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The Clausen-Scholze theory of condensed mathematics offers an abelian category with enough projective objects that embraces the study of arbitrary locally compact (and Hausdorff) groups. The behaviour of the tensor product is managed by restricting to a subcategory of solid abelian groups within the category of condensed abelian groups and there is a solidification functor that is left adjoint to this inclusion. Putting my first toe in the water, I am restricting to F_p vector spaces where p is prime: in other words, condensed abelian groups of prime exponent. The Clausen-Scholze theory already provides sufficient in this special case to be able to solve problems that were inaccessible with classical Galois cohomology. My question: is every condensed vector space over a finite field automatically solid? And if not, exactly what would be the advantage of solidification in this context?

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    $\begingroup$ Does Theorem 2.9 of Lectures in Analytic Geometry answer your question? $\endgroup$
    – Z. M
    Jan 14, 2022 at 16:19
  • $\begingroup$ If you look for a concrete example, see the example right after Exercise 2.3, and replacing $\mathbb Z$ by $\mathbb F_p$. $\endgroup$
    – Z. M
    Jan 14, 2022 at 16:22
  • $\begingroup$ @Z.M : you should post this as an answer :) $\endgroup$ Jan 15, 2022 at 10:52
  • $\begingroup$ @Z.M Thanks for this advice, I had overlooked the discussion in math.uni-bonn.de/people/scholze/Analytic.pdf where Theorem 2.9 gives a very clear characterisation of the solid F_p vector spaces. I guess this means that typically, F_p[S] is not solid when S is a compact Hausdorff space. $\endgroup$ Jan 15, 2022 at 12:34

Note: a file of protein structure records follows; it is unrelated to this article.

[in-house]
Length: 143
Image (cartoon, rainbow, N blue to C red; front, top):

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    $\begingroup$ The condensed $\mathbb F_p$-vector space $\mathbb F_p[S]$ sits in degree $0$ for any compact Hausdorff space $S$. It is naturally an increasing union of compact Hausdorff subsets $\mathbb F_p[S]_{\leq n}$ where this is the set of those sums $\sum_{s\in S} n_s [s]$ where one can choose the $n_s\in \mathbb Z$ with $\sum |n_s|\leq n$. See Proposition 2.1 and Exercise 2.3 in Analytic.pdf for the discussion for $\mathbb Z[S]$ (which carries over without much change to $\mathbb F_p[S]$). These things are not solid as soon as $S$ is infinite. $\endgroup$ Jan 17, 2022 at 12:21

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Peter Scholze's comment gives a good answer to the main direct question and tells us that the condensed mod p vector space with basis a compact Hausdorff space S is solid if and only if S is finite. The advantages of solidification are going to become more apparent as we use the condensed maths more widely. Solidification is particularly important when using tensor product. One situation where I believe there is no need to invoke solidification is when tensoring a solid vector space (over F_p) with a finite vector space: such a tensor is automatically solid from the get-go.

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